The experience is truly a wondrous one.  It allows us to connect on a level that people rarely seek out connection, imagination.  It is too bad so many people leave their imaginations behind as they grow out of childhood, for it is one of the many fibers that defines the human experience.

I hope my readers, no matter how many or few, latch onto those flights of fancy and soar through the skies of foreign worlds built by the imaginations of other souls who never lost that spark of humanity.

Read. Write. Create. Live. Nothing is more precious than our ability to look out through the window  of our mind’s eye and see things that stir our imaginative forces.  For it is with these imaginative forces that we will truly find the answers to the questions of our hearts and minds.

For anyone who has ever been to EPCOT Center in Florida, I say this.  I want to be like Figment!

Last night I stopped at my local Giant for some groceries on the way home from work, and I was a bit disheartened by what I saw as I walked in. Right there at the front of the store, in the place normally reserved for weekly featured items or the like, was a fantastic array of Christmas wrapping accessories. The size and variety of the display, with all its festive colors and images, was truly amazing.

Now, I understand that the retailers need to squeeze every penny they can out of the holiday season, especially in this economy, but come on. I am tired of just glossing over two holidays and skipping directly to Christmas.

Halloween is one of my favorite times of the year. It gives us all a chance to drop all of our normally well positioned social armor and become someone, or something, else for a night or two. The stress of today’s world will drive you crazy, and, thus, every opportunity we can find to cut loose and feel free, even if only for one evening, can be incredibly therapeutic. So, don’t skip Halloween, embrace its spirit even if it’s just renting your favorite scary movie and snuggling on the couch with popcorn. For one night remember what its like to have fear be that adrenaline that dashes up and down your spine not the pit in your stomach when you hear rumors of layoffs.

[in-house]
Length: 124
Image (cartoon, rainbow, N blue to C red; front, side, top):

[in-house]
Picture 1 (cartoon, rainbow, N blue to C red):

Glossing over Halloween is bad, but at least it gets some buildup before Christmas kicks in. Thanksgiving seems to get entirely swept under the rug. And this, my friends, is a sin. Thanksgiving isn’t all about the food, football, and family dysfunction. It’s about taking time to reflect. It’s about realizing that, no matter how bad it seems, we all have something to be thankful for.  I know that I, personally am have a lot to reflect on this year.  I have a loving wife, great friends, and a rekindled relationship with my family.  And that’s just a start.


I guess my point is, we need to be careful as a society not to let the flash and gitter of the retail Christmas machine to overwhelm us as we move into this time of year.  Christmas is wonderful, don’t get me wrong.  But, this year I think perhaps the therapy of Halloween and the reflection of Thanksgiving mean just a little bit more. 

So, Happy Holidays, everyone.  All of them in equal measure.

Hello, again, everyone!

I apologize for the lack of posts last week.  My wife and I were on vacation, and I don’t like to announce times I am going to be out-of-town over the internet.  I know, I sound paranoid as hell, but you can’t be too careful these days.

We took a cruise up into New England and Canada.  This time of year the region is actually very beautiful, although the colors weren’t as brilliant as we hoped.  The trip was, overall, a good one.  We got to see some different places and experience some new things.  If nothing else, it was nice just to get away from everything and be able to just be us for a while.


However, I did discover something rather disturbing during our cruise.  The northeastern United States and eastern Canada were absolute fire zones from the mid 19th century to the mid 20th century.  It was incredible!  Every port we stopped in had a tale of fiery devastation in its past.  It was moderately disturbing, especially considering the fact that many of these ports were playgrounds for the rich and famous in their heydays!

Don’t believe me?  Think I’m exaggerating?  Then check this out:

Now, by my count that is four of five ports (the only exception being Newport, RI) that had major fires between 1872 and 1947.  That, in and of itself, would be impressive.  But, the fact that a five port cruise itinerary hit all four seems like some kind of disturbing confluence of fate.  You have to wonder if there is some sort of meaning there.

(In a bizarre twist of irony, we encountered some people from a Carnival cruise in Halifax.  They told us that their ship had no heat.  Not that it was broken or not working, it was not one of the amenities of this particular vessel.  Who sends a ship with no heat into New England and Canada in October? I bet they closed their eyes and smiled from the imagined warmth when they heard about those fires.)

The cruise did teach me one thing, though.  My business plan is all wrong.  I need to invent time travel and take fire prevention, protection, and fighting gear back to those days. 

I could make a killing!